On the very same day the Pentagonit was taking steps to help LGBTQ veterans, Marine Corps vet Donnie Ray Allen was taking a major step of his own: registering for his first-ever college course.
At 47 years old, Allen is pursuing his bachelor's degree, a dream he gave up decades ago when he was discharged from the military, denied an honorable discharge, and thus deprived of the crucial GI bill he needed to pay for college. He's amongbecause of their sexual orientation before the military overturned its policy banning gay and lesbian troops from serving openly, known as "don't ask, don't tell."
When CBS News first spoke with Allen a year ago, he was still carrying what's known as an other than honorable discharge and still ineligible to access the full spectrum of benefits afforded to honorably discharged vets including healthcare, tuition assistance, VA loans and even some federal jobs. With the help of a lawyer, Allen was granted his honorable discharge earlier this year and this month finished his first semester of college using his GI bill. The results, he told CBS News' Jim Axelrod, have been life-changing.
"I'm a completely different person than I was a year ago, for the better," Allen said. "If I get sick, if I get cancer or something like that, it will all be covered under the VA now. So that is a huge weight off my shoulders."
Like so many others, Allen saw the military as a way out of his tough life in a tiny, close-minded South Carolina town. He dropped out of high school and enlisted in the Marine Corps, where he soon thrived. He was meritoriously promoted out of boot camp as a lance corporal, received a National Defense Service Medal, an Expert Rifleman Badge and in three years, he reached an E-4 rank. His service record was impeccable.
But serving under "don't ask, don't tell," says Allen, meant he had to be careful about how he carried himself. "The witch hunt was always around, no matter what, during those times in the military."
The day before he was set to be honorably discharged, Donnie decided to come out to his sergeant major, hoping his reputation as an exceptional Marine would change his command's perceptions of gay service members. He was wrong. An investigation was launched and he says months of harassment followed before he was finally allowed to leave — without his honorable discharge.
In September, after a launched a website with resources dedicated to helping LGBTQ+ veterans who believe they were wrongfully discharged for their sexuality.documented the impact of a less than honorable discharge and exposed flaws in the military's system for reviewing discharges, the Pentagon announced that it would for the first time begin proactively reviewing veterans' records for a possible recommendation of a discharge upgrade. This means that these veterans would not have to apply for the upgrade themselves, a process that both veterans and experts told CBS News is often unsuccessful without the help of a lawyer. The department also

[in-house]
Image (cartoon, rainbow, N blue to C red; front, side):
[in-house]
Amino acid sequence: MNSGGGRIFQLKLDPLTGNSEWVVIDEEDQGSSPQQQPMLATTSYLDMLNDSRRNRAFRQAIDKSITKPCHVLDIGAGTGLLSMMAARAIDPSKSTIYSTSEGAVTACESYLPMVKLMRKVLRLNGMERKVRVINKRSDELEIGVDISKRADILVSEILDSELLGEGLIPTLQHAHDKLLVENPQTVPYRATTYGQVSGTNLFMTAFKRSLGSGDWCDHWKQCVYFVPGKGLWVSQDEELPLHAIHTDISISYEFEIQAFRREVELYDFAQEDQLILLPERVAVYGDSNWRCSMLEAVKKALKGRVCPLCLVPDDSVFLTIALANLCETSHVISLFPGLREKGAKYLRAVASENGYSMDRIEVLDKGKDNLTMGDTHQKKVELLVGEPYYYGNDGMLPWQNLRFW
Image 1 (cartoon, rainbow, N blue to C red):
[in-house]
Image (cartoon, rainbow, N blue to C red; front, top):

A Defense Department official told CBS News that it has already begun the process of reviewing records of some 2,000 veterans for potential discharge upgrade eligibility. The CBS News investigation found the population of LGBTQ service members who were
Christie Bhageloe is the director of a nonprofit that helps veterans, including Allen, seeking discharge upgrades. She's "cautiously optimistic" about the military's new efforts.
"I would say just stating that there's a problem is a great step forward," Bhageloe said. "A lot of veterans were still discharged for misconduct, not specifically for homosexual conduct, so it is going to take a lot of records, reviews by someone who understands."
After the CBS News reports began to air, Bhageloe took up the case of Allen's friend Amy Lambre, a Navy veteran who was also denied an honorable discharge. She told CBS News the snub always made her feel "less than honorable." Just last month, Lambre got word her honorable discharge had also come through. Lambre says she no longer feels "less than."
As for Allen, he's finally proud to be an American again — a feeling he hasn't had since 1994 when he graduated boot camp.
"It made me proud to be like an American in a sense that actually, finally our government is looking at us and being like, you are a valid reason for us to do this."
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